Place, publisher, year, edition, pages
2006. Vol. 32, no 3, 1134-1141 p.
Keyword [en]
PET, ["C]verapamil, p-glycoprotein, cyclosporin, pharmacokinetics, modeling, blood-brain barrier, active efflux
National Category
Pharmaceutical Sciences
URN: urn:nbn:se:uu:diva-96870DOI: 10.1016/j.neuroimage.2006.05.047ISI: 000240470300019PubMedID: 16857389OAI: oai:DiVA.org:uu-96870DiVA: diva2:171597
Available from: 2008-03-26 Created: 2008-03-26 Last updated: 2013-07-23Bibliographically approved
In thesis
1. Blood-Brain Barrier Transport: Investigation of Active Efflux using Positron Emission Tomography and Modelling Studies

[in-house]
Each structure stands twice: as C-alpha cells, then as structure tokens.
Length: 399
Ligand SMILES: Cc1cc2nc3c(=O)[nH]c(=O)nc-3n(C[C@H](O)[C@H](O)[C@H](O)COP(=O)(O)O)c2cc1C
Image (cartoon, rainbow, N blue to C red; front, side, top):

Open this publication in new window or tab >>Blood-Brain Barrier Transport: Investigation of Active Efflux using Positron Emission Tomography and Modelling Studies
2008 (English)Doctoral thesis, comprehensive summary (Other academic)
Abstract [en]

This thesis examines the transport of exogenous molecules across the blood-brain barrier (BBB), focusing on active efflux, using positron emission tomography (PET), computer simulation and modelling. P-glycoprotein (P-gp) inhibition was studied using [11C]verapamil and [11C]hydroxyurea was investigated as a new marker for active efflux transport. Simulations were carried out to explore the importance of the efflux transporter location in the BBB. Brain concentrations of [11C]verapamil, [11C]GR205171 and [18F]altanserin were compared in various laboratory animal species and in humans.